January 25th, 2018: When Melanie and I had received a call at about 6PM that Chesley’s health was declining, we dropped everything and packed as quickly as possible to get on the road for the 3 hour drive to see him. There is always that fear that this could be the last time you see them in that situation. From the moment that we decided to head out that night, I was struck with heavy anxiety. There were multiple things playing a role in my internal struggle.
When my anxiety initially arrived, it was a fear of how Melanie would be reacting to the news. This fear was being amplified by the fact that I was still at work when Melanie called with the news and that she was very close to him. You see, to anyone reading this that doesn’t know my wife, she tends to be a very strong individual emotionally. And somehow, we compliment each other, because there are times when the roles switch. However, that wasn’t looking like a possibility from my end this time around.
A second struggle was that simple fear of dealing with death. Was this going to be the last time we see him? Then, the thoughts of how the visit to the hospital would go. What condition would he be in upon our arrival? Naturally, my mind (like most) goes to the worse-case scenarios.
When I arrived home from work, we made a decision to drive out that same night. Things were happening too quickly in my own head. There was no time to mentally prepare for what was unfolding in the moment. On top of my first two stresses, now there was the 3 hour drive to add to the list. Melanie’s uncle met us at our house and we went out with him in his vehicle. Now normally I love driving, but in circumstances like these, and that fact that, well I wasn’t driving, was not of any assistance for me.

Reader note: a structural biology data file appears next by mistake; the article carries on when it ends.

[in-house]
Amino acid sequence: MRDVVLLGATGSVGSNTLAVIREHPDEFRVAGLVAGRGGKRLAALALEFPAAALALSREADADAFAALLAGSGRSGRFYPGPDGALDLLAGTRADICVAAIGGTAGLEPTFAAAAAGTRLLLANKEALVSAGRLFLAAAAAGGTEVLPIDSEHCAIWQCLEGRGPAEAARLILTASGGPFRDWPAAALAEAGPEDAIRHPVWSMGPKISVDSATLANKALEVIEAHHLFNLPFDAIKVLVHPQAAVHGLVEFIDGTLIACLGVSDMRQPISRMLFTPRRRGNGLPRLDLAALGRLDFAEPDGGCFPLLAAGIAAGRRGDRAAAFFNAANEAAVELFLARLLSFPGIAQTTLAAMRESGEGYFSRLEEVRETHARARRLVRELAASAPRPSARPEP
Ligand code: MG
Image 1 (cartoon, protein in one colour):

I was at war with myself for the majority of the drive. The anxiety was like I often describe it: waves. That was until Mom had texted me. Unknowingly to me, my mother and Melanie were in a texting conversation. I guess at some point Mom asked Melanie how she was doing. What affected me and changed what was left to the drive for me? It was Melanie’s response. While I was busy being blinded by fear and worry, I had forgotten about how mature and faithful her relationship with God is. As I read her response of basically how she was at peace with the fact that he would be free of pain and suffering in Heaven with God, I could feel my anxiety lifting off of my shoulders. I had been reminded of her trust and faithfulness in God despite the current situation.
Most of my anxiety had dissipated at that point. The rest of the trip was easily manageable. When we arrived at the hospital, I was still nervous, but I had developed a sense of confidence from my experience on the road which allowed me to overcome any remaining fear that I had.
I have been driving through life with anxiety for a long time now. I’m starting to realize that I’m being taught new things by God with each experience. I have a feeling I still have more to learn. Maybe this anxiety is a blessing in disguise.